Most up-to-date and detailed “textbook” in this area,
Dr. Herman E. Daly may well be a future Nobel Prize winner …he is especially well-regarded in Norway and Sweden, where he has received prizes one step short of the Nobel. He is the author, co-author, or primary contributing editor of many books that fully integrate the disciplines of economics and ecology. I bought the three most recent for the purpose of selecting one to give out at my annual Global Information Forum. I ended up choosing For the Common Good: Redirecting the Economy toward Community, the Environment, and a Sustainable Future, in part because it is available in paperback and is not a more expensive “trade” publication; and in part because it is strong in laying out specific ecological policy areas in the context of a strong theological or ethical perspective. More on that in its own review.
Of the three books (the third one that I reviewed is Valuing the Earth: Economics, Ecology, Ethics) this, the text-book, is assuredly the most up-to-date and the most detailed. If you are buying only one book for yourself, this is the one that I recommend, because these are important issues and a detailed understanding is required with the level of detail that this book provided. It should, ideally, be read with “Valuing the Earth” first (see my separate review of that book, from the 1970′s updated with 1990′s material and new contributions), then “For the Common Good”, and finally the text book as a capstone. But if you buy only one, buy this one.
Tables of contents rarely do justice to the contents but in this case, they excel. This is one of the most intelligent, structured, useful outlines it has been my privilege to examine. Read the Table of Contents information provided by the publisher to satisfy yourself. From Part I with three chapters (An Introduction to Ecological Economics) to Part II with 4 chapters (The Containing and Sustaining Ecosystem: The Whole) to Parts III and IV (Microeconomics and Macroeconomics, respectively, five and four chapters each) to Part V with four chapters (International Trade), and finally to Part VI (Policy) with chapters on General Policy Design Principles, on Sustainable Scale, on Just Distribution, and on Efficient Allocation, the content of the book is elegantly organized and accurately described.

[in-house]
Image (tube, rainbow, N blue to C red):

Readings and other references make this a true textbook suitable for policy adults, graduate students, and undergraduates. It is the perfect single book in this field, not least because of its appreciation for religious vision and ethics as a foundation for making decisions that favor sustainable community over corporate greed and government fiat.
Dr. Joshua Farley as co-author appears to have brought a rich background as first an understudy and then an original contributor in his own right. God willing, America will one day have a President that uses the co-authors as primary advisors, along with E. O. Wilson, Brian Czech, and J. F. Rischard, among a handful I particularly respect. I feel a real sense of privilege in having discovered these three books and the work of Dr. Daly. At the age of 52, as I see America and the world inflamed by ideologues and crooks betraying the public trust, I cannot help but feel that those of us old enough and experienced enough to think for ourselves have a 20-year intellectual and moral battle ahead of us, one that will determine the future of the Earth. Anyone old enough to drive needs to read at least one of his books, but those of us old enough to feel fully equal to the task of confronting our sell-out Senators and sell-out Representatives need to arm ourselves with the specifics that Drs. Daly and Farley offer us, and join the battle for managing the commonwealth in favor of all of us.
See also, with reviews:
The Future of Life
Shoveling Fuel for a Runaway Train: Errant Economists, Shameful Spenders, and a Plan to Stop them All
High Noon 20 Global Problems, 20 Years to Solve Them
Biomimicry: Innovation Inspired by Nature
Green Chemistry and the Ten Commandments of Sustainability, 2nd ed
Natural Capitalism: Creating the Next Industrial Revolution
Green to Gold: How Smart Companies Use Environmental Strategy to Innovate, Create Value, and Build Competitive Advantage